Type 25 Impreza

Subaru Impreza – Type 25

The ultimate Subaru road car relies on the ultimate heat barrier coating to sharpen its performance edge.


Litchfield’s Impreza Type 25 is designed to be the ultimate hot Subaru, using superb design and attention to detail to lift it above outstanding competitors. Based on the already quick Japanese-only Spec C car, it features a more powerful, 2.5 litre engine co-developed with Cosworth. This produces 415bhp, rather than around 300 on the ‘standard’ car, but it also generates more heat.

“This can be a problem because of the way Subaru engine bays are laid out,” explains managing director Iain Litchfield.

“The intercooler sits on top of the engine, rather than down at the front by the radiator. This is fine when you’re driving along but if you sit in traffic it doesn’t get the air flow needed to keep it cool.”

An intercooler is a heat exchanger that cools the air compressed by the turbo before it enters the engine. Cooler air is denser, so packs more oxygen into the cylinders, producing more power. However, the intercooler’s effectiveness is determined by the difference in temperature between air passing through it and the air around it. On the Subaru this is a particular challenge because the up-pipe that brings hot exhaust gases to power the turbo and the down-pipe that takes them away are both routed directly beneath the intercooler.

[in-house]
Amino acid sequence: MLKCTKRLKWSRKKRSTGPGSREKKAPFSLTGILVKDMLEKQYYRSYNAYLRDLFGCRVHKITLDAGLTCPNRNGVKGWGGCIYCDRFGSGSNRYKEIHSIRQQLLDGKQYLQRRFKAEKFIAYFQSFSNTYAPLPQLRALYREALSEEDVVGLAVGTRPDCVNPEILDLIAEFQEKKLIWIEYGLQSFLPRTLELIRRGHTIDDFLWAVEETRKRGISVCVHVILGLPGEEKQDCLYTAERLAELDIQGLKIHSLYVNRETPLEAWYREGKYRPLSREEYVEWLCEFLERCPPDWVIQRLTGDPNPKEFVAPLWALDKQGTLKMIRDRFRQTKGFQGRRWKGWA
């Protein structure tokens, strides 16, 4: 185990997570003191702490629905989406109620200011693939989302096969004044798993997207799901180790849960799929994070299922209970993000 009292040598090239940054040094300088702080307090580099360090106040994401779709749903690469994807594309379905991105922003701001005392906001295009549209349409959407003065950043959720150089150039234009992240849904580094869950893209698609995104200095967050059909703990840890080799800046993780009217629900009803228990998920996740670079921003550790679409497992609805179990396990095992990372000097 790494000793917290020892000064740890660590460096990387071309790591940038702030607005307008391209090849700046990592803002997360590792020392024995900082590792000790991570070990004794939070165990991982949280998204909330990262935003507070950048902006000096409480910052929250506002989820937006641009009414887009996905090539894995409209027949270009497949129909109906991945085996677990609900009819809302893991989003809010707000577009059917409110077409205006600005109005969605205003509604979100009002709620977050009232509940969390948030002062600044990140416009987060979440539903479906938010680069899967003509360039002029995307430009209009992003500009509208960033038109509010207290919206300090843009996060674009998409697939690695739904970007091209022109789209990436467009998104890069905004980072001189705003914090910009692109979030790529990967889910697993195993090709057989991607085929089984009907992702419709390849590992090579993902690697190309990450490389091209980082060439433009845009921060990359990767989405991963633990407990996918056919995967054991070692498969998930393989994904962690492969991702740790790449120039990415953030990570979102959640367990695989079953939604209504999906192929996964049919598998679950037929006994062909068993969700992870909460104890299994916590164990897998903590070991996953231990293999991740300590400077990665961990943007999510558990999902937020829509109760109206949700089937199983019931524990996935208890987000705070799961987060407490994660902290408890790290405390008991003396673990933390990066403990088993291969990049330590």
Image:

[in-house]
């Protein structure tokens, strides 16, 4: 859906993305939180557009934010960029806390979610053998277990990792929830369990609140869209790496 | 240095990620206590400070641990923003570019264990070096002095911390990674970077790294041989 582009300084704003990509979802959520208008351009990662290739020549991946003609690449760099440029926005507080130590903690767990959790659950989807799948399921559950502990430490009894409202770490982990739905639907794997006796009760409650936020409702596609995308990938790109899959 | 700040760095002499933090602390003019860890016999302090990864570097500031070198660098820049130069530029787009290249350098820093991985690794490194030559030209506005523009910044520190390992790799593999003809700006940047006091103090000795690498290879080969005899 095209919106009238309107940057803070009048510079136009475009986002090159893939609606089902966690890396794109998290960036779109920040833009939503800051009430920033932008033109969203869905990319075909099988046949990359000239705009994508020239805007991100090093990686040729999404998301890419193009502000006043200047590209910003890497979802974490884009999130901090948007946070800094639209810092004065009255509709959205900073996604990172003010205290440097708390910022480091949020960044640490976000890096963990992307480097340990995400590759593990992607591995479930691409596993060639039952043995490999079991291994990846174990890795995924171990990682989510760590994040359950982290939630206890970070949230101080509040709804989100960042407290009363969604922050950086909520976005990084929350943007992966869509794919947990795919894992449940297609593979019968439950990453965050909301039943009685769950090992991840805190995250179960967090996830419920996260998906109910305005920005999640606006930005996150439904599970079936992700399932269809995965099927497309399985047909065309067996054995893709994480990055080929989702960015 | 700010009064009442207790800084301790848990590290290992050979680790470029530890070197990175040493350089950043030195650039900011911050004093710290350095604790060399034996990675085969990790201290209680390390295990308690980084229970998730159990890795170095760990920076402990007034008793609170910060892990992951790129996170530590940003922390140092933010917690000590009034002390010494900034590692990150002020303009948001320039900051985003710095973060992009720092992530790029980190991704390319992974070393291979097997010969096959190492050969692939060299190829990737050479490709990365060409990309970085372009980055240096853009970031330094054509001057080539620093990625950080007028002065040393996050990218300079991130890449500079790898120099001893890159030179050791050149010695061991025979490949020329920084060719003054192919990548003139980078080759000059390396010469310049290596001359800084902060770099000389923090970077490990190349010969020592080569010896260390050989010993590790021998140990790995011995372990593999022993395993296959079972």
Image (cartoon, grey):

To resolve this, Litchfield, having heard about its work on World Rally Championship cars, turned to Zircotec.

The company’s plasma-sprayed ceramic coating (see Performance White™ & Performance Colours™ ) is proven at the highest levels of motorsport, with five grand prix teams amongst customers for the high-tech thermal barrier. Durability is exceptionally high offering tremendous potential for fast road car applications.

For the Litchfield Tyre 25 both the up and down-pipes were coated. This prevents the exhausts transferring heat to the intercooler, keeping the charge cool and improving the car’s performance. It also increases the engine’s responsiveness. Litchfield explains:

“The more heat and energy you can keep in the system, the faster the turbo will spool up. We’re finding it’s bringing the turbo up to speed 300 or 400 rpm sooner, which you can really feel in the crispness of the throttle response. It’s little details like this that make a big difference.”